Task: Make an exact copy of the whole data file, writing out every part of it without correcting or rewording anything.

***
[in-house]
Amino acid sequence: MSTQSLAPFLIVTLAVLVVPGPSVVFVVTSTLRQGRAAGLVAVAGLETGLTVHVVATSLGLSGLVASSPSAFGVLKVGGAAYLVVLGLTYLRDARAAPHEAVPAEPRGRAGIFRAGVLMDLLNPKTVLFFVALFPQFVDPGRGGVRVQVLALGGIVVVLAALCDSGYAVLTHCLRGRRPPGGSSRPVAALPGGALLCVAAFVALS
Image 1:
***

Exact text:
[in-house]
Amino acid sequence: MSTQSLAPFLIVTLAVLVVPGPSVVFVVTSTLRQGRAAGLVAVAGLETGLTVHVVATSLGLSGLVASSPSAFGVLKVGGAAYLVVLGLTYLRDARAAPHEAVPAEPRGRAGIFRAGVLMDLLNPKTVLFFVALFPQFVDPGRGGVRVQVLALGGIVVVLAALCDSGYAVLTHCLRGRRPPGGSSRPVAALPGGALLCVAAFVALS
Image 1: